Clean air filters monthly for central air and individual window or wall units. Dirt and dust hinder air flow, reducing efficiency. Clean filters could cut your bill by up to 5%
Give the air conditioner a break during the work day. Shifting the settings to allow higher daytime temperatures could cut the average household's electric bill by $180 a year, according to Energy Star.
If you're in the market for a new central air conditioner or window unit, check for deals. Many local utilities offer discounts for buying an energy-efficient unit, and some states still have "Cash for Clunker" rebates left. For example, Georgia offers $30 for room units and $99 on central units. This is also the last year that qualifying central air conditioners are eligible for a federal tax credit of 30% of the cost, including installation, up to $1,500.
Seal up your home. Cooled air can leak through cracks along window and door frames. Invest in some caulk and weather-stripping to plug up these drafts. A home that's properly insulated and sealed improves energy efficiency by up to 20% year-round, according to the Alliance to Save Energy.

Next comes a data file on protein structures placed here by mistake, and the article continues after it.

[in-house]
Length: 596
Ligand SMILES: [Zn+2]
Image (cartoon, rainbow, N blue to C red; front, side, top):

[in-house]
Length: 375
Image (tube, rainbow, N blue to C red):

The hotter the space, the harder an air conditioner must work to keep things cool. Limit the use of heat-generating appliances such as the oven, dishwasher and clothes dryer during the daytime hours when temperatures are hottest.
Try using keep cool tricks. Shut the blinds on south and west facing windows to block strong summer sun. Fans can also make the room feel a few degrees cooler, letting you set the air condition temperature a few degrees higher.
For more tips on keeping cooling costs low and other consumer tips click here.
Kelli Grant & Erika Wortham